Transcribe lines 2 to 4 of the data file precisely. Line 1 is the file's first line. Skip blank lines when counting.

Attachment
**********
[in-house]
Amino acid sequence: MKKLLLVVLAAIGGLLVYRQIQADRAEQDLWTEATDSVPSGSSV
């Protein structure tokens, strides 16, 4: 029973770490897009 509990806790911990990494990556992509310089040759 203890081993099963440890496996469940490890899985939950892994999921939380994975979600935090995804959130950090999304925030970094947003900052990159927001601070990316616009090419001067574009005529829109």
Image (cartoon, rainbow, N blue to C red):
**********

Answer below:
Amino acid sequence: MKKLLLVVLAAIGGLLVYRQIQADRAEQDLWTEATDSVPSGSSV
């Protein structure tokens, strides 16, 4: 029973770490897009 509990806790911990990494990556992509310089040759 203890081993099963440890496996469940490890899985939950892994999921939380994975979600935090995804959130950090999304925030970094947003900052990159927001601070990316616009090419001067574009005529829109």
Image (cartoon, rainbow, N blue to C red):